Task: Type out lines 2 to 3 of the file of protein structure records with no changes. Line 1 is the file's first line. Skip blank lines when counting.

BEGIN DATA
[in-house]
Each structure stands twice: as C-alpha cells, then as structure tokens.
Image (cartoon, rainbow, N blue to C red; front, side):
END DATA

Each structure stands twice: as C-alpha cells, then as structure tokens.
Image (cartoon, rainbow, N blue to C red; front, side):